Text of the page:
• Short But Not Sweet: A study of the impact of short custodial sentences on mothers & their children
    Short But Not Sweet: A study of the impact of short custodial sentences on mothers & their children Baldwin, Lucy; Epstein, Rona This research report is based on a small scale study of 17 post prison mothers, and their fifty children The report serves to highlight the significant harm of short custodial sentences on mothers and their children. The report, heavy with the voices of post prison mothers, identifies mothers' own view of the impact of short custodial sentences on themselves and their children. Mothers described challenges to their physical and mental health, challenges in relation to contact, lack of maternal support and significant impact on children. The report echo's previous research findings in relation to the harm of custodial sentences for mothers, reiterating that previously identified harms occur even when sentences are a matter of weeks as opposed to months. The report makes recommendations for positive change. The report concludes with suggestions for future research. This research was also supported by Coventry University where Rona Epstein, ( joint author), is an Honorary research assistant.

 Click here for a full listing of Lucy Baldwin's publications and outputs.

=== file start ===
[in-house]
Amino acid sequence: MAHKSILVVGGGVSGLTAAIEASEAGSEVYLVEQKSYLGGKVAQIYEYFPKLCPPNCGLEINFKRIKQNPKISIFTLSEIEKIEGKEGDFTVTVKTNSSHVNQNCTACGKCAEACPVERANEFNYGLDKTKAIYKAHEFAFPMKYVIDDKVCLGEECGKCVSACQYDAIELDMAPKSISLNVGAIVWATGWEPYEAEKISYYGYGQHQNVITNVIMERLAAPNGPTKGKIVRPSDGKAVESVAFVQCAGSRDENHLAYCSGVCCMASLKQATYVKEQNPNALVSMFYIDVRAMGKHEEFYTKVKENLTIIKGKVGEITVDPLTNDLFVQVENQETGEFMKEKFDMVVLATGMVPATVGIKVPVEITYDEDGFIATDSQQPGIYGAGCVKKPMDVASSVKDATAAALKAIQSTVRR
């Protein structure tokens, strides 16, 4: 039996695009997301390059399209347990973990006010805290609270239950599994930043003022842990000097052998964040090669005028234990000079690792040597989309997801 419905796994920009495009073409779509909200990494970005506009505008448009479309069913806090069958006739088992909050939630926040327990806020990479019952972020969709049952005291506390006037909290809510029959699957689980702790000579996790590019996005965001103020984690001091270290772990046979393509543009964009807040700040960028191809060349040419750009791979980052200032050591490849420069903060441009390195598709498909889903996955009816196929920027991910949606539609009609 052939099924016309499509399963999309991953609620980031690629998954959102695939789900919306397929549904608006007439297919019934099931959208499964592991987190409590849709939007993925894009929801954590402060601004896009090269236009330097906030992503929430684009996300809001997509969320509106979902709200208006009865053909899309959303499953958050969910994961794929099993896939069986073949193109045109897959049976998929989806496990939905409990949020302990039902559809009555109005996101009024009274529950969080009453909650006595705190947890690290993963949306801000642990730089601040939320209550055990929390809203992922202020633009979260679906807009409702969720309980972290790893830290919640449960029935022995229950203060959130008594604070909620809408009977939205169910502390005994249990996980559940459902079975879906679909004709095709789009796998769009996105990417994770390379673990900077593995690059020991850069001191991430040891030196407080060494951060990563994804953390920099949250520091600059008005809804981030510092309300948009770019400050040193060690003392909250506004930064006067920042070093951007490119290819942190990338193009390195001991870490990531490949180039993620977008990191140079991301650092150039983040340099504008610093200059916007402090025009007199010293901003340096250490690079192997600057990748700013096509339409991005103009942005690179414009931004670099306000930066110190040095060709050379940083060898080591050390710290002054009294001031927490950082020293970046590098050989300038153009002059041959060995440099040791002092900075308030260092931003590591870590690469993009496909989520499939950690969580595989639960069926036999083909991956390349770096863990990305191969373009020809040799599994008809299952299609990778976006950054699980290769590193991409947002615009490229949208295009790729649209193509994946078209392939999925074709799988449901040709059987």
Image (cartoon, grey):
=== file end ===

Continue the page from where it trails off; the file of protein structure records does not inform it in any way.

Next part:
Research interests/expertise

  • Mothers and Prison
  • Mothers and Sentencing
  • Women and the Criminal Justice System
  • Mental Health /Mentally Disordered Offenders
  • Working with Domestic  Abuse
  • Equality and Diversity
  • Sex Offenders
  • Professional Practice /Professionalism
  • Trauma Informed Practice 


  • Masters in Applied Social Studies (Durham University)
  • Dip. Social Work (Durham University)
  • BA (Hons) Applied Social Studies and Psychology (University of Sunderland)
  • Cert RS.(Cerificate in Research Supervision) De Montfort University
  • Ad Cert CTS. Advanced Certificate in Counselling
  • Theory and Skills. (CSCT)NVQ Assessors 

Honours and awards

  • Fellow of the Higher Education Academy 

Membership of external committees

External Examiner Criminology Programmes: University of Bedfordshire. (2008-2012) 

Membership of professional associations and societies

  • BASW (British Association of Social Workers)
  • BSA (British Sociological Association )
  • COPE (children of prisoners Europe)
  • Womens Breakout (national organisation working  for alternatives to custody for women)
  • BSC (British Society of Criminology)


  • Co-facilitator with Victoria Knight for the 1st National ‘Emotions & Criminal Justice Conference ‘18th Feb 2016. 
  • Joint Research with Rona Epstein (Coventry University) Women, Mothers and Short Custodial Sentences.

Forthcoming events

  • Invited Speaker to ‘Women Supporting Women’ at University of Worcester National Centre for the Study and Prevention of Violence and Domestic Abuse. 
  • Invited Speaker: Hearing the Hidden Voice: Researching Prisoners' Lives and Perspectives. University of Dundee, 23 October  2015.